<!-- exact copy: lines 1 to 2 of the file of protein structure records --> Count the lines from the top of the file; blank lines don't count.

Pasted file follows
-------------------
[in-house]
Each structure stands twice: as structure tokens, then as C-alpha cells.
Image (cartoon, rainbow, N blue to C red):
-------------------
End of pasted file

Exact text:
[in-house]
Each structure stands twice: as structure tokens, then as C-alpha cells.